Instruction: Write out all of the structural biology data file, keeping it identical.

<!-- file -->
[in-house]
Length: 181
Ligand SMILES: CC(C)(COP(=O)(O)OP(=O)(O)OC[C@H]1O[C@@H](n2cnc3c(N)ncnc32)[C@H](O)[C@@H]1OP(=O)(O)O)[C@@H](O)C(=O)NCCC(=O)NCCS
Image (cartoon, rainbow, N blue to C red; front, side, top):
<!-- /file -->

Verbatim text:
[in-house]
Length: 181
Ligand SMILES: CC(C)(COP(=O)(O)OP(=O)(O)OC[C@H]1O[C@@H](n2cnc3c(N)ncnc32)[C@H](O)[C@@H]1OP(=O)(O)O)[C@@H](O)C(=O)NCCC(=O)NCCS
Image (cartoon, rainbow, N blue to C red; front, side, top):